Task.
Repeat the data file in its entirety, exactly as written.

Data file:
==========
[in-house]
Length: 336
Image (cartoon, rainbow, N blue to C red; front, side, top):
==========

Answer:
[in-house]
Length: 336
Image (cartoon, rainbow, N blue to C red; front, side, top):